App gives power to the people

ACLU hopes to increase police accountability with Mobile Justice MN.

Screenshot of the Mobile Justice - Minnesota app.

Screenshot of the Mobile Justice - Minnesota app.

Hannah Weikel

At a series of Black Lives Matter protests last week, several bystanders took to their phones to document their interactions with police.

Some University of Minnesota student protesters secured their video recordings on the state’s American Civil Liberties Union server using a cellphone app launched earlier this month.

The Mobile Justice app, now available in 18 states across the country, allows users to upload recordings of crime and police encounters in an effort to prevent law enforcement from deleting evidence. So far, officials say the app has been downloaded on more than 10,000 devices
nationwide.

ACLU Minnesota Executive Director Charles Samuelson said the app was created to increase police accountability.

“What frequently happens during these encounters is the police take the phone and delete images and videos,” Samuelson said. “It’s happening all over the country.”

But citizens have the right to record their interations, and deleting the footage can ruin law enforcement credibility, Ryan Pacyga, a Minneapolis criminal defense attorney, said.

“The video doesn’t lie,” he said. “If the police are doing the right thing, then there should be no fear.”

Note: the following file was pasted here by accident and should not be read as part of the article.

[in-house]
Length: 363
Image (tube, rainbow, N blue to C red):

Video, even if it’s recorded on a phone camera, is commonly used as evidence in a court of law, Pacyga said, because it’s not subject to interpretation.

Still, Minneapolis Police Department Public Information Officer John Elder said though police generally aren’t phased when being filmed, bystanders sometimes get in the way of police conduct.

“The most important thing is giving officers space,” Elder said. “I was at the protest, and I was videotaped, and that’s fine. It wasn’t interfering with me doing my job.”

The app can also send text alerts to other app users in the area when someone is recording and wants others to come and bear witness, Samuelson said.

“There was a young woman who was punched in the face [at the Black Lives Matter protest], and I was immediately notified through the app,” University computer science and English junior and Minnesota Public Interest Research Group co-chair Mica Standing Soldier  said.

A list of rights in the app can help guide users through police interactions, she said, reminding witnesses to remain bystanders.

Still, police have raised concerns that notifications of a police encounter will cause app users to flock to the scene, Pacyga said, though he thinks the worry is overblown.

“Even if there is some legitimacy to these concerns,” he said, “the public’s interest in knowing what the police are doing greatly outweighs the police’s fear that the app could cause greater disturbances in the street.”

ACLU Minnesota Public Education and Communications Director Jana Kooren said the group worked to sort out kinks, like setting up a server and recruiting volunteers to sift through incoming video footage, before the app was released earlier this month.

 “We want to make sure police accountability is in the hands of the people of
Minnesota,” she said.